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Browsing: Legal Papers of John Adams, Volume 2

This note contained in document ADMS-05-02-02-0006-0004-0001
64. One basic issue was the power of Parliament to pass such legislation without colonial representation. See JA's Argument, text following note 1289 below. The colonial position, which had at first been that there should be no taxation without representation, gradually broadened after 1765 into a denial of all parliamentary power over the colonies; moreover, the remedy sought became not representation in Parliament, but colonial home rule. Needless to say, the orthodox English view was opposed to the colonial stand. Miller, Origins of the American Revolution 225–231. Equally critical was the question of the power of Parliament, however constituted, to interfere with what the colonists claimed as fundamental rights. In his argument for Hancock, JA urged that trial in Admiralty was an interference with the right of trial by jury, and others argued, if he did not, that such statutes were void. See text at notes 15–2792–104 below. The English position was that Parliament could not be controlled in this regard. No. 44, notes 32–34. There was a further problem in the effect of the statutes, 13 Ric. 2, c. 5 (1389), and 15 Ric. 2, c. 3 (1391), limiting the Admiralty jurisdiction to matters not arising “within the bodies of the counties,” which had been relied upon at common law in both England and the colonies to restrict the Admiralty courts in ordinary civil matters to things “done upon the sea.” The common-law courts used the writ of prohibition to halt Admiralty proceedings that exceeded these statutory limits. See 1 Holdsworth, History of English Law 552–559. In Massachusetts the Superior Court seems to have interfered in customs suits only when the Vice Admiralty Court acted beyond the jurisdiction given it by the Acts of Trade, indicating an understanding that the latter legislation abrogated the statutes of Richard II pro tanto. See Wroth, “The Massachusetts Vice Admiralty Court,” in George A. Billias, ed., Law and Authority in Colonial America: Selected Essays (Barre, Mass., in press). Perhaps for this reason, JA did not touch upon the issue in Hancock's case. It was raised by others in Massachusetts and elsewhere, however, implying that the ancient acts had attained the stature of fundamental law. See, for example, “A Journal of the Times,” 7 Jan. 1769, Dickerson, Boston under Military Rule 46; Ubbelohde, Vice Admiralty Courts 188–190; Henry Laurens, Extracts From The Proceedings Of The Court Of Vice-Admiralty In Charles-Town, South Carolina 18–19 ([Phila.], 1768), discussed further, note 73 below.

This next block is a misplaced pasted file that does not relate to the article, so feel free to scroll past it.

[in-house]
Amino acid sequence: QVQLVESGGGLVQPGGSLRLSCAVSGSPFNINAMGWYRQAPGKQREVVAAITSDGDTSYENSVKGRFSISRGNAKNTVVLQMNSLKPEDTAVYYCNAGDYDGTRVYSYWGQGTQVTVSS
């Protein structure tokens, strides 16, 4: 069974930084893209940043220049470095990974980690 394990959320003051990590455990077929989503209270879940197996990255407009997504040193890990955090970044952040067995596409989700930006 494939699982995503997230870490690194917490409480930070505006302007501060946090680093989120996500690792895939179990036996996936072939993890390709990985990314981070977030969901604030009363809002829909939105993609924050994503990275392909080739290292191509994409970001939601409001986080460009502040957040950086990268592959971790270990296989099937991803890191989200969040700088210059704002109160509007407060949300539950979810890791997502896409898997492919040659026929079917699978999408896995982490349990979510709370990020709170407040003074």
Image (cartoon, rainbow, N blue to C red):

Cite web page as: Founding Families: Digital Editions of the Papers of the Winthrops and the Adamses, ed.C. James Taylor. Boston: Massachusetts Historical Society, 2014.